After all, President Xi Jinping said the fight against the virus was a people's war.
Authorities send out text messages telling people to go directly to authorities if they come from Hubei Province where the coronavirus first emerged, and announcements are posted all around town encouraging everyone to monitor each other.
(Speaking Chinese) I will give you a mask.
Police patrol streets telling people without face masks to go home.
Some managers of apartment complexes go door to door to check on residents' health conditions.
This may sort of suggest that this is a revival of the Cultural Revolution era, when you saw there's people monitoring their neighbors, you know, or even their relatives.
Some provinces have started giving an incentive to monitor family members' travel histories and health.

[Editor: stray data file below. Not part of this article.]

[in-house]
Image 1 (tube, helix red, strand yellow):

(Speaking Chinese) Report if you know anything.
(Speaking Chinese) This can help others get informed earlier.
(Speaking Chinese) It is for your own good to cut loose from your relatives.
(Speaking Chinese) Reward!
In Sichuan Province in western China, snitching can snag you as much as 5,000 yuan.
That's roughly equivalent to a monthly salary that's more than minimum wage.
One government in Guangdong Province is offering 30 face masks in exchange for snitch reports.
During this public health crisis, China hasn't been the only country to use technology to track patients.
In South Korea, health authorities are legally allowed to sift through credit card records, CCTV footage, and mobile phone locations to pin down the travel histories of those infected or at risk.
That information is then shared with the public.
In China's surveillance state, not only do authorities have access to more data than other governments, but citizens have no way to opt out of that data collection.
Beijing says all this is in the best interest of the public.
We'll have to be able to see how the virus ultimately played out, who was affected, who wasn't... whether the surveillance technology helped.